Lecture 3: Utilitarianism and Justice Flashcards Preview

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Does utilitarianism neglect justice?

Objection from justice is one of the most important objections against utilitarianism
Mill himself recognised that "one of the strongest obstacles to the reception of the doctrine that Utility or Happiness is the criterion of right and wrong, has been drawn from the idea of justice


What does the justice objection against utilitarianism target?

-The aggregate principle
-Sum ranking:best consequences are determined by the sum of individual happiness
Mill takes idea of impartiality on which sum-ranking is based to honour the fundamental equality of all human-beings


Is the idea of impartiality on which sum-ranking is based sufficient to honour equality?

Problem: as the tax example illustrates, sum-ranking may recommend unequal distributions

Mill's response:
- Equality of outcomes is not necessarily just
-Inequalities which are necessary to maximise total happiness are just


What is justice?

Mills list of moral issues we typically associate with concerns of justice:
-Violation of rights legal and moral
-Not receiving what is deserved, receiving what is not deserved
- Violation of contracts
Violations of impartiality
-Failure to respect equality


What is Justice?
Mill argues that we associate justice with the protection of important interests.

"Justice is a name for certain moral requirements, which, regarded collectively, stand higher in the scale of social utility, and are therefore of more paramount obligation, than any others.


What does justice demand?

There are multiple conflicting principles which relate to justice
- "volenti non fit injuria"
- Principles of retribution ( an eye for an eye)
- Principles which specify desert
- Principles which specify equality ( Mill points to the communist principle of "to each according to their needs")


Without a first principle. Mill argues, appeal to these principles of justice is arbitrary
Mill thus defends utilitarianism as offering a basis for evaluating competing (secondary) principles of justice

-Justice is a device to protect particularly important interests ( interests captured by the secondary principles)
- Whether, and to what extent, we should honour these principles depends on their contribution to overall happiness


What is Act Utilitarianism?/

Whether an act is morally right depends on the consequence of that act itself


What is Rule Utilitarianism?

Rule utilitarianism as a form of indirect consequentialism: whether an act is morally right depends on the consequence of the rule it follows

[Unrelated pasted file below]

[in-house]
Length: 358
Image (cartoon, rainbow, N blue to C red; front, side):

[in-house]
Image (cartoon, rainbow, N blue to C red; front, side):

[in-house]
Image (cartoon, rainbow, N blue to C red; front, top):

Is Mill advocating rule utilitarianism?

Mills comments on secondary principles, and on punishment, in particular, suggest rule utilitarianism


Justice and rights?

Mill proposes that we associate justice with perfect duties
Problem; how plausible is the utilitarian account of moral rights?


What is a moral right?

Moral right to x implies
- One ought to have a legal right to x
there ought to be some form of sanction if one is deprived of x
one has a justified claim towards society for the protection of one's having x


What are the purposes of rights?

rights are typically understood as devices to safeguard individuals from collective pursuits


claim rights?

take the form of a claim towards someone else
correlate with perfect duties


Liberty right?

Take the form of an absence of duties to do certain things


In Utilitarianism what right does Mill focus on?

Claim rights


The puzzle for the utilitarian theory of rights?

- Rights limit pursuit of social utility
- utilitarian theory justifies rights on the basis of what maximises social utility


The Separateness of Persons Objection

John Rawl's 1971 objects that utilitarianism cannot do both
-utilitarianism does not take seriously the distinction between persons"
aiming at best consequences neglects restrictions on trading off benefits to different persons
-each person possesses an inviolability founded on justice which even the welfare of society as a whole cannot override


can rule utilitarianism avoid the objection?
cf. Mill's defence of the relevance of justice related secondary principles

- Rule utilitarianism is unstable : it either falls victim to rule worship or collapses back into act utilitarianism
it justifies rules with regard to contingent empirical facts and may justify a rule of slavery, for example